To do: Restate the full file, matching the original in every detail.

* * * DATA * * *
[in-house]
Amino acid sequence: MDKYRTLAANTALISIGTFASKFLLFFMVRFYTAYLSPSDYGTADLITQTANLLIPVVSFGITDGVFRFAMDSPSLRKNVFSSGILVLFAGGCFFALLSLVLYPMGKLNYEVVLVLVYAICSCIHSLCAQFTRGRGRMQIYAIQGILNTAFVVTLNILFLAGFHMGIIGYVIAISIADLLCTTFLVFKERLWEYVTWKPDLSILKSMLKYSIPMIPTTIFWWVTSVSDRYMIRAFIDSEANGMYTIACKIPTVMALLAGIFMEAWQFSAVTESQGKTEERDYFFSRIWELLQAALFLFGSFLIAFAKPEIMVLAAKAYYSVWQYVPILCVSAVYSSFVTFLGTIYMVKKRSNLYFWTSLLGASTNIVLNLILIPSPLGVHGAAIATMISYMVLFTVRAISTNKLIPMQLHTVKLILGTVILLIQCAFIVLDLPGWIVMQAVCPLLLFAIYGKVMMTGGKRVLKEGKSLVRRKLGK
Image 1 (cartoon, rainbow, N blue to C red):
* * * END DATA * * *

[in-house]
Amino acid sequence: MDKYRTLAANTALISIGTFASKFLLFFMVRFYTAYLSPSDYGTADLITQTANLLIPVVSFGITDGVFRFAMDSPSLRKNVFSSGILVLFAGGCFFALLSLVLYPMGKLNYEVVLVLVYAICSCIHSLCAQFTRGRGRMQIYAIQGILNTAFVVTLNILFLAGFHMGIIGYVIAISIADLLCTTFLVFKERLWEYVTWKPDLSILKSMLKYSIPMIPTTIFWWVTSVSDRYMIRAFIDSEANGMYTIACKIPTVMALLAGIFMEAWQFSAVTESQGKTEERDYFFSRIWELLQAALFLFGSFLIAFAKPEIMVLAAKAYYSVWQYVPILCVSAVYSSFVTFLGTIYMVKKRSNLYFWTSLLGASTNIVLNLILIPSPLGVHGAAIATMISYMVLFTVRAISTNKLIPMQLHTVKLILGTVILLIQCAFIVLDLPGWIVMQAVCPLLLFAIYGKVMMTGGKRVLKEGKSLVRRKLGK
Image 1 (cartoon, rainbow, N blue to C red):